Take for example the car rental business Hertz Global Holdings Inc (NYSE: HTZ).

On May 22, the company filed for bankruptcy protection. But their balance sheet still looked relatively healthy at the time. Why would management choose to do this? Isn't a small chance at success still better than no chance at all?

Keep in mind I have very limited experience in the world of finance. I am asking this question, which may seem laughable to some here, in order to learn. Please keep this in mind when answering.

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    I don't see enough cash on hand to pay off debts, as your title suggests. Technically they have enough assets, if they immediately fired everyone and dismantled the company.
    – Issel
    Oct 25, 2020 at 18:36
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    Another aspect might be the laws of the respective country. In Germany, for example, managing directors are liable with their private assets if they file for bankruptcy too late. That is why it might make sense for them to file for bankruptcy too early, even if it is determined after a few days that it was not necessary after all. Oct 27, 2020 at 6:37

3 Answers 3


Broadly speaking, there are two types of corporate bankruptcy in the US-- Chapter 11 and Chapter 7. The vast majority of bankruptcies you hear about in the news are Chapter 11 bankruptcies which means the company is trying to reorganize their debts rather than Chapter 7 bankruptcies where the company has to liquidate itself because it has no hope of repaying its creditors. If Hertz had to make a $400 million payment and had less than $400 million in cash and saleable assets, it would realistically have to declare Chapter 7 bankruptcy which is effectively "going out of business" bankruptcy.

In Chapter 11 bankruptcies, the problem is illiquidity (the company has enough assets, it would just be expensive/ time consuming/ damaging to the business to sell them) rather than insolvency. The goal is to work with a business's creditors to restructure the debt so the company can repay it. Generally, companies structure their debt so that they are constantly rolling it over-- every year, for example, they may issue a new set of 5 year bonds that raise the cash to pay off the bonds from 5 years ago plus or minus any additional funds they want to borrow. That's almost certainly the "$400 million payment" the article you link to references. If Hertz looked at the need to redeem hundreds of millions in bonds now (and presumably hundreds of millions more in the next few months), coupled with a lack of income due to the pandemic and a desire not to make its normal sale of used cars due to the depressed prices they would get, they presumably determined that paying off their creditors in full would compromise their ability to run the business. Better for everyone to declare bankruptcy and negotiate with all the creditors now than to run the business into the ground.

If you're going to declare bankruptcy, it's generally better for the company to do it somewhat early when the company is in decent shape (borrowing additional funds after you declare bankruptcy is generally expensive) so that you're in a relatively strong negotiating position. Declaring a little early also generally helps to avoid issues where one creditor got paid back in full while a similarly situated creditor lost out-- you're not allowed to play favorites and there can be lots of litigation around when management knew that it was going to go bankrupt. Realistically, Hertz will probably sit down with its creditors and work out a restructuring plan that will see it pay back virtually all of its debts just on a different schedule and/ or at a lower rate and then it'll emerge from bankruptcy healthier.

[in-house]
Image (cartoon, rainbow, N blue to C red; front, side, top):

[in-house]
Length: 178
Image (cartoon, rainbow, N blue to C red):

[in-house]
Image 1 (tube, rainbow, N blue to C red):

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    @quid - According to the article linked to in the question, yes, Hertz filed for bankruptcy saying it was unable to make a $400 M payment. I mentioned the different chapters because most people think of bankruptcy meaning total insolvency rather than the more common issue of illiquidity. Oct 25, 2020 at 10:56
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    Bankruptcy is about liquidity. The three major chapters are about how the creditors are handled. 7 is discharge, 11 is restructuring, 13 is repayment. There's also a chapter 9 for municipalities. A lot of corporate debt has obligations related to cash or debt ratio levels. The $400mm payment may have caused the company to breach some covenant in a loan related to cash or debt ratio, or there's a covenant forbidding the company from raising more debt, or it would have made the company illiquid (which doesn't look like the case because of the balance sheet, which is why the question was asked. )
    – quid
    Oct 25, 2020 at 15:51
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    As far as I can tell you didn't answer the question. Hertz has $1.3B of cash based on the balance sheet and couldn't make a $400mm loan payment? Why? When PG&E filed it was because there was such a web of debt that the company needed time to go through the existing contracts to understand if there was even a way to borrow more without breaching an existing liability causing the whole debt to come due, meaning borrowing more wouldn't solve anything because it would be immediately owed to an existing creditor. So filing was about pushing pause and getting time.
    – quid
    Oct 25, 2020 at 16:00
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    Actually, used cars are selling spectacularly well, given that public transport is now radioactive. Some used cars are getting higher prices than they get new. If Hertz had to reduce their fleet, it's a great time to do it. Oct 26, 2020 at 0:37